The Most Important Aspects of An Inspection Contingency w/Jim Barker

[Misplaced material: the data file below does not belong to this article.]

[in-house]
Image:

In this episode we get Roofstock and Streetlane's VP of Construction, Jim Barker's take on what investors should keep an eye out for on inspection reports, and what to consider that might not be on it.   --- Transcript   Tom: Greetings, and welcome to The Remote Real Estate Investor. In today's weekend wisdom, we have Jim Barker. Jim is a seasoned professional in the single family space. He is the VP of construction at Streetlane and Roofstock and has seen thousands the homes. And the question we asked for him today is what are some key parts of the inspection contingency that he looks at?   Theme Song   Jim: Yeah, I know it's a it's a great question. And we're buying houses every week for institutional clients and bought thousands of houses for various owners over the last few years. And these are always things that come up is when you get an inspection report back -- what to worry about and what is fixable. Because there's things that you want to avoid that that are or maybe you know, functional obsolescence or something that is really foundational to the home that that is going to be a long term problem. And that those are the things that I really look for when I am going through an inspection report. And then there's things that are just either aesthetics or basic functional that they have a dollar amount next to them for a repair, replace, but as long as you understand that, it's still a good asset, and those things are easily fixed.   So that's kind of how I divide up the inspection reports. When I go through them, I really look for any sort of long term functional issues like structural cracks, I really try to avoid poor drainage, and that may cause water damage. And another thing with basements that we see quite a bit of is, you get a 50 year flood, or 100 year flood, which I use that term, but how come it always seems like this, these flood events happen so much more often than 50 or 100 years. And if you're a property owner, it always seems to happen while you own it. So I'm very leery about drainage, especially in homes with basements and want to make sure that it's not sitting on a downhill slope or that the gutters are properly diverting water away. But you know, other things like does the home have insulation in the attic? Or that that's something that you don’t really think about, but it really impacts the livability of that home.   And the things that everybody always wants to look at, or like old HVAC the water heater, and it's good. But those are simple fixes. I mean, it's $1 amount, but once you swap it out for new equipment, you don't worry about it again for the lifespan of that equipment. So I guess that's it really for me is I want to focus on things that are not easily fixed and structural water damage, strange layout of rooms and things that may not show up on the inspection report the neighborhood issues, right? That's a as somebody who's doing their due diligence, not just to look at the asset, but really look at, you know, the immediate surrounding neighborhood.   Emil: I like that. I like that you frame that. An old age back and all the water heater, they're really not big deals because a first time investor, they'll see that. And I think like the warning signs go off. And you're right. It's just it's $1 amount. It's not that complicated. Someone can change it out in a day. Like it's not a long term issue. It's just going to cost them money to fix.     Jim: Yeah, no, it's the things that where you really have to rip into the structure or that I don't like to deal with it. If I'm not an experienced construction professional or have a contractor that I really trust, it's just tough to. You'll even fix some of those issues, and you're never quite sure if you really got them or like you said on the water heater, once you change it out, it's done. I would say it probably should touch on it though. Something that we've seen pretty regularly in the portfolios that we manage to is older plumbing systems seems to be one that's coming up regularly. And there's a lot of homes that are popular for SFR investors, but they're built maybe 40 or 50 years ago and that there's a series of items in homes that are really what I'll call like lifetime replacements and things like a driveway the supply plumbing so you really have copper plumbing from so a lot of these older houses, and then the drain line plumbing sewer lateral to the house.   And these things last 50 years. I mean, they're things that you don't ever think about replacing and a lot of times don't show up on an inspection report because they're your underground or within walls. But it's a good question to ask the inspector especially if you can have them focus on a few things is to give their evaluation of what are the materials that are they're used for supply plumbing, the waist plumbing, and give some evaluation of the driveway and other any of the other lifetime type replacement items as we see it right after 50 years. They do give out there are things that you may need to address and they tend to be a little bit more pricey when you have to take care of those things. They're not showstoppers, but you should definitely know about them. When getting your home inspected   Tom: Thanks, Jim and thank you to all of our listeners. If you enjoy the episode enjoyed the podcast, please subscribe and give us a rating and have a great day. Happy investing

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